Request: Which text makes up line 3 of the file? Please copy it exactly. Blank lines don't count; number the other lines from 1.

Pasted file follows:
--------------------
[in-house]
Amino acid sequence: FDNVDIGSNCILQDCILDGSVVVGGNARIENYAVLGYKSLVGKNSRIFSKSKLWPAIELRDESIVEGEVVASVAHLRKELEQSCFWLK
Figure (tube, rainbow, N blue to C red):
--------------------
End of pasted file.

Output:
Figure (tube, rainbow, N blue to C red):